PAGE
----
The peak industry body for the Queensland resources sector said the Senate report into the Great Barrier Reef backs the work that was well underway to improve reef health.
Queensland Resources Council Chief Executive Michael Roche said the report published 29 recommendations that largely reflected the work of a host of stakeholders on the Reef 2050 Long-Term Sustainability Plan.
“We thank the Senate for its comprehensive inquiry into the Great Barrier Reef that adds to the pool of evidence and information that is aiding in the rehabilitation of the reef against its biggest threats,” Mr Roche said. “We also fully support increased resources being directed towards management of the reef, however we do not support any blanket ban on dredge spoil disposal at suitable locations at sea.”
“While the blame for the degradation of the reef has been unfairly heaped upon the ports and shipping servicing Queensland’s minerals and energy producers, containing the managed expansion of Queensland ports to meet the demand of trade markets will not make a difference to the frequency of storms, starfish outbreaks or the terrestrial water run-off that scientists agree are responsible for the current health challenges for the reef.”
“The draft Reef 2050 Long-Term Sustainability Plan, soon due for release, is a comprehensive action plan that has been put together by all relevant stakeholders from state and federal government, scientists, industries including, tourism, resources, ports and fishing, as well as NGOs including WWF.”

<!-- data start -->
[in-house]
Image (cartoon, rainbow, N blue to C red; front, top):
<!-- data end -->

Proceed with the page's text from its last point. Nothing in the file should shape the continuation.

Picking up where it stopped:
“We are part of a team that is working together to help the reef and I am pleased to say that most of the recommendations in this report are already in train,” Mr Roche said.
Despite most of the recommendations aligning with current work across the reef stakeholder group, Mr Roche said it was unsurprising that Labor and the Greens had taken a negative stance against the one stop shop for environmental approvals.
“Opposition to the one stop shop flies in the face of report after report backing this important reform. We welcome the Coalition’s stance to support the reforms to the EPBC Act that will streamline approvals processes between state and federal governments,” Mr Roche said.
Mr Roche said that a ban on at sea disposal of dredge spoil made no environmental sense. “Every project must be examined on its merits given that land based options are sometimes simply not viable where adjacent coastal lands may have high conservation or cultural value. The challenge is how well we manage the reef for positive economic and environmental outcomes and to work together, as is being done through Reef 2050 Long-Term Sustainability Plan.”
Press Release, September 3, 2014